Iranian influence persists in a remote part of India.
I do not mean to describe the current state of Indo-Iranian relations here. Nor do I want to address New Delhi’s reaction to Soleimani’s killing. I will instead focus on the growing Iranian influence in Ladakh. This aspect, to be sure, is unrelated to the main dynamics of Tehran’s relations with New Delhi (at least so far). If the U.S.-Iran conflict keeps growing, however, the presence of pro-Tehran entities in a part of Ladakh could hypothetically emerge as an irritant one day.
The mountainous territory of Ladakh has been separated from the territory of Jammu and Kashmir since August 2019, becoming a separate administrative unit of the Republic of India, a union territory. Ladakh is largely a historical part of Tibet in the cultural, religious, and linguistic sense, and hence has a sizeable population of Tibetan Buddhists. But an another huge chunk of its population are Muslim Shias, accounting for around 46 percent of residents and thus overtaking the total population of Buddhists. They are mostly concentrated in the region of Kargil. This is where demonstrations after Soleimani’s death erupted first.
For the outside world, Kargil is mostly known for the Indo-Pakistani armed conflict that took place in 1999 over the control of this territory. While Iran has no military presence or territorial ambitions in this region, it may as well turn out that by now it is Tehran that enjoys more influence and well-wishers in Kargil than in Pakistan.
An organization called the Imam Khomeini Memorial Trust (IKMT) has functioned in Kargil since 1979; it was established the same year the Iranian Revolution took place. Apart from being active in such areas as charity work and education, the trust is clear in its goal of propagating the ideas of the Islamic Revolution and Ayatollah Ruhollah Khomenei’s thought. It also celebrates Khomeini’s death anniversary (moreover, even the Quds Day is celebrated by some of the Kargil Shias). The trust does not remain aloof from local politics either. For instance, Haji Asgar Ali Karbalai is both a recognized regional politician and a member of the IKMT. As early as in 1990s, Indian officials accused the IKMT of being funded by Tehran, although the trust rejected this charge. It was this influential body that organized the protests after Soleimani’s death.
The demonstrations were also reportedly carried out by a religious organization called Anjuman e Jamiat-Ul-Ulema Isna Ashriya Kargil (often referred to as Islamia School). While it is rival to the IMKT, in the political sense, both institutions share their faith in Shia traditions. As summarized by Radhika Gupta in her study of Shia networks in Kargil, the Islamia School remains more tied to the Shia religious centers in Iraq, and the Imam Khomeini Memorial Trust to those of Iran. In the past, some of the religious teachers associated to the Islamia School had been educated in an important Shia learning center in Najaf (Iraq). Yet, a delegation from the Iranian embassy in New Delhi was seen visiting the Islamia School a few years ago.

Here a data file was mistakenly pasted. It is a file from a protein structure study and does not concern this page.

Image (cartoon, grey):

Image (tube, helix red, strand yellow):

“The year of 1979 proved to be year of special blessings [for Kargil] from the Almighty Allah,” the Imam Khomeini Memorial Trust declares. “Firstly […] it was given a status of [a] full-fledged district by the state government […]. Secondly, the success of Islamic Revolution in Iran under the leadership of Imam Khomeini(RA) awakened the people. The hitherto skeptical thinking changed all together and exposure to Islamic awakening started showing results in various developmental fields.”
Kargil is indeed under the immense influence of Islamic conservatism, but its spread is accompanied by a growing “Iranization.” It reveals itself not only through cultural aspects (such as the promotion of the nastaliq script at the expense of the Tibetan one or the functioning of a ban of the sale of liquor in Kargil) and the symbolic ones (Khomeini’s posters), but also political ones, such as raising the of anti-U.S. and anti-Israel slogans by some of the region’s Tehran-influenced Shias.
But at the same time, India remained mostly untouched by the tensions between the United States and Israel on one side, and Iran on the other. The one time in recent history that the proxy war spilled over to Indian territory was in 2012, when an Israeli diplomat was attacked in Delhi by what seems were Iranian elements with ties to the Islamic Revolutionary Guard Corps. This was more of an exception to the rule, however.
So far, there is very little to suggest that Kargil may become another such irritant. First of all, the whole of Ladakh is not only remote but also scarcely populated – the inhospitable region is home to approximately 274,000 people. Secondly, there is so far no evidence that the Iran-influenced organizations in Kargil have any traits of being paramilitary proxies that can be used in a hostile way (as it is often the case with Tehran-affiliated groups in the Middle East). Still, in the case of the Washington-Tehran tensions rising to another level and of their conflict pilling beyond the region, the Iranian influences in Kargil should be watched, at least with one eye.